Thursday, April 24, 2014
Exit from comment view mode. Click to hide this space

Does Redistributing Income Reduce Poverty?

NEW YORK – Many on the left are suspicious of the idea that economic growth helps to reduce poverty in developing countries. They argue that growth-oriented policies seek to increase gross national product, not to ameliorate poverty, and that redistribution is the key to poverty reduction. These assertions, however, are not borne out by the evidence.

Since the 1950’s, developmental economists have understood that growth in GNP is not synonymous with increased welfare. But, even prior to independence, India’s leaders saw growth as essential for reducing poverty and increasing social welfare. In economic terms, growth was an instrument, not a target – the means by which the true targets, like poverty reduction and the social advancement of the masses, would be achieved.

A quarter-century ago, I pointed out the two distinct ways in which economic growth would have this effect. First, growth would pull the poor into gainful employment, thereby helping to lift them out of poverty. Higher incomes would enable them to increase their personal spending on education and health (as seems to have been happening in India during its recent period of accelerated growth).

Second, growth increases state revenues, which means that the government can potentially spend more on health and education for the poor. Of course, a country does not necessarily spend more on such items simply because it has increased revenue, and, even if it does, the programs it chooses to fund may not be effective.

In almost willful ignorance of the fact that the growth-centered model has proved itself time and again, skeptics advocate an alternative “redistributive” developmental model, which they believe will have a greater impact on reducing poverty. Critics of the growth model argue that it is imperative to redistribute income and wealth as soon as possible. They claim that the Indian state of Kerala and the country of Bangladesh are examples where redistribution, rather than growth, has led to better outcomes for the poor than in the rest of India.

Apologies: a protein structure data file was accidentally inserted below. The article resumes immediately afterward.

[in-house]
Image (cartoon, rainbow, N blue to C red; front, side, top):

Yet, as Columbia University economist Arvind Panagariya’s recent work shows, Kerala’s social statistics were better than those in the rest of the country even before it instituted its current redistributive model. Moreover, Kerala has profited immensely from remittances sent home by its émigré workers in the Middle East, a factor unrelated to its redistributive policy. As for Bangladesh, the United Nations’ Human Development Index, admittedly a problematic source, ranks it below India.

In impoverished countries where the poor exceed the rich by a huge margin, redistribution would increase the consumption of the poor only minimally –  by, say, a chapati a day – and the increase would not be sustainable in a context of low income and high population growth. In short, for most developing countries, growth is the principal strategy for inclusive development – that is, development that consciously includes the marginal and poorest members of a society.

But the political sustainability of the growth-first model requires both symbolic and material efforts. While growth does benefit the poor, the rich often benefit disproportionately. So, to keep the poor committed to the system as their economic aspirations are aroused, the wealthy would be well advised to indulge less in conspicuous consumption.

At the same time – and more importantly – the poor need greater access to education in order to increase their economic opportunities and social mobility. “Less excess and more access”

must become the principle that guides development policy.

Exit from comment view mode. Click to hide this space
Hide Comments Hide Comments Read Comments (2)

Please login or register to post a comment

  1. CommentedMiguel de Arriba

    First I want to make clear I'm not against the benefits.
    That said, to say that income redistribution no effect on the reduction of poverty ... is truly outrageous!.
    With liberal professors dominating economic education at the Universities is not possible to a better world.

  2. CommentedMichael Zanette

    "...the wealthy would be well advised to indulge less in conspicious consumption"

    This sounds all well and good, but it's rather meaningless given the empirical evidence.

    Moreover, I feel that Bhagwatti is attacking a Straw Man, just as much as I feel that some of those on the left (full disclosure: I am traditionally leftist) misconstrue the growth argument to suit short sighted political or ideological objectives. Neither side of the polemic really add anything of substance other than repeating tired arguments about the effectiveness and efficacy of various growth models. I'm well aware of the importance, don't get me wrong, but development is much more complicated to be reduced to such inanities every time the subject is brought forward.

    Better to look at what works best for the particular situation at hand. To see how implementation, or lack thereof, of specific policies is negatively impacting those in the bottom quintiles. And to rectify such issues in dialogue with those most affected by them.